It is much too natural-sciencey for the social science of economics. And this is a problem because the only way to actually make a remote chance in ‘degrowing’ the economic system is by using a proper (i.e. non-equilibrium) theoretical model to describe the system, associated with a hard empirical framework.
Why does an economy grow in the first place? Absolutely nobody is asking this question. So, effectively nobody understands, at a fundamentally technical level, why an economic system grows, but everybody thinks they can just have it stop growing, or even reverse it. From a scientific point of view that does not make any sense. Every orthodox and heterodox economist thinks that we, the people, are the driving factor behind ‘growth’: after all, we all want to prosper, make profits, develop innovative new technologies etc. It’s these human incentives behind capital allocation and better technologies that make the economy grow, right? What else could there be? An economy cannot grow without actual human actions, right?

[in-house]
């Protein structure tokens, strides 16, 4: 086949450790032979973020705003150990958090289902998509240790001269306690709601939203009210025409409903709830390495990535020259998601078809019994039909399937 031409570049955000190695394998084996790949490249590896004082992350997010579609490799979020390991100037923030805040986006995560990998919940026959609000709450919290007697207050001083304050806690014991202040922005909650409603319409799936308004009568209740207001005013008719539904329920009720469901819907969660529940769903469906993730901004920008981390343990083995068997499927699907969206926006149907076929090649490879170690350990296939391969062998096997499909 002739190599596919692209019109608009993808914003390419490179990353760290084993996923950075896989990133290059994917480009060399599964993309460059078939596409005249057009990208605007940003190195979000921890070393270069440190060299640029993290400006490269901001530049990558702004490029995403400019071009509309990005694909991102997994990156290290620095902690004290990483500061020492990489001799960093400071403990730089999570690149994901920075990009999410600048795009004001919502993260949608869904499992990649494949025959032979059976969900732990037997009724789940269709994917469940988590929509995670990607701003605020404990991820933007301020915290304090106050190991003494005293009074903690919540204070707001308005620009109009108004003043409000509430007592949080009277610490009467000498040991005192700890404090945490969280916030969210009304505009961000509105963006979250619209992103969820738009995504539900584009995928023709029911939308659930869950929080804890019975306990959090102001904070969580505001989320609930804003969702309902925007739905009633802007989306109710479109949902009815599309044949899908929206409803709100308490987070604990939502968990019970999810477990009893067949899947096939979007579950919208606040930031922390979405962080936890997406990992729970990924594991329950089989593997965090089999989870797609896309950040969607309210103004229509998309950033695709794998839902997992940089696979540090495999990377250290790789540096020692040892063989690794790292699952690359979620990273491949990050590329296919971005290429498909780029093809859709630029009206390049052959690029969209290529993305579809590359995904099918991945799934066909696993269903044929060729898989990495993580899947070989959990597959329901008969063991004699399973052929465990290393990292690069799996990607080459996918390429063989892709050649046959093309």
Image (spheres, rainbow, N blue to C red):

If the degrowth-movement wants to change the system, as a heterodoxy within social-science-economics, it will at least have to properly understand and describe the system first, and cross the bridge to natural-science-economics. If it does not, it will be destined to fail.